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  1. #1
    Levi777 Guest

    Is blackballing illegal under civil code 47

    What is the name of your state? Illinois
    I turned my previous employer into the eeoc and the human rights commission located in missouri for harrassment ect. Since then they have made me an offer but inorder to get this money they want me to sign an agreement, that I have yet recieved.

    I believe that he is blackballing me for turning him in. I am going to get a detective to pose as a potential employer and record the reference he gives.

    Under civil code section 47 states that "an employer or any person by the employer who discloses information about a current or former employer employees job performance to a perspective employer is presumed to be acting in good faith; and unless lack of good faith is show, is immune from civil liability.

    With this in mind " If my employer gives a bad reference that is recorded, with previous notarized evidence that was sent to the eeoc: Can I sue him since I can show lack of good faith?
  2. #2
    cbg
    cbg is offline Senior Member
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    A bad reference is NOT blackballing. Blackballing would be if your former employer called up all the potential employers and said something like, "Levi77 is going to be applying for a job with you. He did a rotten job for me; don't hire him".

    A bad reference is actionable only if it is factually untrue ("Levi77 was fired for stealing"). A negative reference that reflects the former employer's honest opinion ("I didn't think that Levi77 was good management material") is protected. A negative reference is not, in itself, evidence of bad faith.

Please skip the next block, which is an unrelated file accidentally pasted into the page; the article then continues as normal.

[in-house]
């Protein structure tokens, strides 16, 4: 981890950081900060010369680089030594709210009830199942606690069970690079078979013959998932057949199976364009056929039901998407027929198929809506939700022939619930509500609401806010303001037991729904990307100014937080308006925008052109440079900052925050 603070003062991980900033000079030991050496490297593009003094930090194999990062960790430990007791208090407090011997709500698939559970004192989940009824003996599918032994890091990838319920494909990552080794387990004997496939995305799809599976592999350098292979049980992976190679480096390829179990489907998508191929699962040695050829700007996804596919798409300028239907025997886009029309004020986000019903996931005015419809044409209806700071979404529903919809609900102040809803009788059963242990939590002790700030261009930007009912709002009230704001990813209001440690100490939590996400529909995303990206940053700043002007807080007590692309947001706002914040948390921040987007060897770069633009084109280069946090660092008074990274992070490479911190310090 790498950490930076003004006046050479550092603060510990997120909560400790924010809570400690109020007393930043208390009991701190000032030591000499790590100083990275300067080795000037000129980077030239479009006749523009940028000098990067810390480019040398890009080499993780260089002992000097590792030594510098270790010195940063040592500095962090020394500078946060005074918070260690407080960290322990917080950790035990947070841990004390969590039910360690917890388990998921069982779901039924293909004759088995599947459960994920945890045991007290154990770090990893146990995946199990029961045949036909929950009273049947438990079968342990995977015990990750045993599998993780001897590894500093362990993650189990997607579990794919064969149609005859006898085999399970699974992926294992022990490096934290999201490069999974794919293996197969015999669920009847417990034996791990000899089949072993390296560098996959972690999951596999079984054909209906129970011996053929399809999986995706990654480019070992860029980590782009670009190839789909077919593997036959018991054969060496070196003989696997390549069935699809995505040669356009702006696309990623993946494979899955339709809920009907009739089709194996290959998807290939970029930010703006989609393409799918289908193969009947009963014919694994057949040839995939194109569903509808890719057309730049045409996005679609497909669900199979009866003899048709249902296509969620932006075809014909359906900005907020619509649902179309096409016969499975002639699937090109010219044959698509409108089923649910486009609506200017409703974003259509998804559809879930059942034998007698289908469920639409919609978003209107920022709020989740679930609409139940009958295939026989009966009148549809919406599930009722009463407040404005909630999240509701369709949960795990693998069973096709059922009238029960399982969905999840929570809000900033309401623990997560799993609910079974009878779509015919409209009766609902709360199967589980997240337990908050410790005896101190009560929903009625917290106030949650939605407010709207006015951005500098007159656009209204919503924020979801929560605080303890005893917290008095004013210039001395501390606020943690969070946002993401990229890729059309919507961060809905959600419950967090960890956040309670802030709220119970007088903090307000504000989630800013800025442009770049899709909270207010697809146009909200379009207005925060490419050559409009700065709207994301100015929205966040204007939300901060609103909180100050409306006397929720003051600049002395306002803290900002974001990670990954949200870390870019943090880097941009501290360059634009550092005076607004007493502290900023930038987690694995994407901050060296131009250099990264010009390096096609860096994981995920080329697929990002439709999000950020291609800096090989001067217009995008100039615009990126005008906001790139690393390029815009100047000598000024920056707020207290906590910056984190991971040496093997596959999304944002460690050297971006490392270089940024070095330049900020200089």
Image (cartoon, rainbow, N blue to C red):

3. #3
    Levi777 Guest
    Originally posted by cbg
    A bad reference is NOT blackballing. Blackballing would be if your former employer called up all the potential employers and said something like, "Levi77 is going to be applying for a job with you. He did a rotten job for me; don't hire him".

    A bad reference is actionable only if it is factually untrue ("Levi77 was fired for stealing"). A negative reference that reflects the former employer's honest opinion ("I didn't think that Levi77 was good management material") is protected. A negative reference is not, in itself, evidence of bad faith.
    Thank you for your responce cbg ! While I think that he will most likely say something of that nature, I also believe that this former employer will also add things that may not actually have been true such as in past reference checks with myself as well as other employees.
  4. #4
    Beth3 is offline Senior Member
    Join Date
    Mar 2002
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    14,991
    If that happens, then you can bring another claim with the EEOC for retalliation. But you can't sue for what might happen.

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